In addition to their distinctive white markings, the Clydesdale also has finer feathering. Meaning, the thicker and longer hair around the hooves is a finer texture than the Shires.

Shire Horse VS Clydesdales: Behavior And Temperament

Like many draught breeds, the Shire and the Clydesdale are known for their calm demeanor and gentle nature. Both breeds are the definition of the term workhorse and are widely regarded as steady, reliable, and easygoing. Neither of these horses likes to be bored and are happiest when there is a job to be done!

However, like all horses, the Shire and the Clydesdale do have personalities all their own!

Expected Behavior And Temperament Of The Shire Horse

Tallest Horses - Shire

While the Clydesdale is more energetic and playful, the Shire is all business and eager to prove itself.


The Shire horse is a calm, unflappable horse that does not spook easily. Shires are equally suited for pulling extremely heavy loads or a casual afternoon ride. This breed is an excellent mount for beginners, as the Shire seems to take care to put their rider at ease. They are laid back, respond dutifully to commands, and have a strong work ethic.

The Shire is often deeply devoted to their human owners, making them one of the easiest horse breeds to train. They are eager to perform well, and their docile and pleasant demeanor epitomizes the term “Gentle Giant!”

Expected Behavior And Temperament Of The Clydesdale

Though Clydesdales are called a cold-blooded breed, this should not be taken to mean that they are cold! The term refers to their cool and steady temperament when compared to more skittish and high-strung breeds. The Clydesdale is a calm, level-headed horse that is both dependable and loyal to its owners.

While every bit as steadfast as the Shire, the Clydesdale is often more energetic and playful. These horses are natural performers and thoroughly enjoy a good parade or competition. Clydesdales are easygoing and obedient, and they know the difference between work and play!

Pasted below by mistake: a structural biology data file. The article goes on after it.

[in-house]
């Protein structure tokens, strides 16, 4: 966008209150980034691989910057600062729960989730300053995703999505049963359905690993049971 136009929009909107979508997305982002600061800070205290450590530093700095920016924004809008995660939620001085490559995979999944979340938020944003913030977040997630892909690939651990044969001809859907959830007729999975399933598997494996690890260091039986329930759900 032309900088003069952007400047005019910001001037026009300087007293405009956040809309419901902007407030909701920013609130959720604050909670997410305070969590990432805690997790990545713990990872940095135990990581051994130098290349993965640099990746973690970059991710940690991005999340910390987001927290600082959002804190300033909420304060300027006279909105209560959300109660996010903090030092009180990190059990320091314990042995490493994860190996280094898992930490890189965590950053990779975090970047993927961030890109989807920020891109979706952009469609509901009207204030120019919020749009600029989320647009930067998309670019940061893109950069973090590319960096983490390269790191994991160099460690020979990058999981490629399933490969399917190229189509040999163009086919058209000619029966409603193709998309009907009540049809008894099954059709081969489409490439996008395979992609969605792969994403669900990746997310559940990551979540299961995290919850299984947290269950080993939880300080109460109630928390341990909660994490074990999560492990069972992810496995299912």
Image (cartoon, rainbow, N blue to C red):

Shire Horses And Clydesdales: Their Centuries-Old Shared History

The Shire horse dates to 1066, the days of William the Conqueror and his historic victory that placed him on the English Throne! Thought to be bred as war horses, their steady nature and powerful build made the Shire the perfect draught horse. For centuries, this breed was a necessary part of farming and agriculture, due to their easy trainability and strong work ethic.

The Shire became so popular, the breed was exported to many other countries as far as Australia, the United States, and New Zealand.

How The Clydesdale Saved The Shire

The breed was also popular closer to home, as well. In Scotland, the Clydesdale was first developed by selectively breeding the Shire with other types of horses. In 1826 the Clydesdale was officially recognized as a distinct breed, as was the Shire. However, the Shire breed dwindled in numbers and nearly went extinct. In the 1960s, breeders introduced Clydesdales to boost their numbers.

Much like Frodo Baggins in Lord Of The Rings, the Clydesdale breed once again returned to the Shire!